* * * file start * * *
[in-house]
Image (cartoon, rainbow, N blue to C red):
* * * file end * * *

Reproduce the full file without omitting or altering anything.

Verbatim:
[in-house]
Image (cartoon, rainbow, N blue to C red):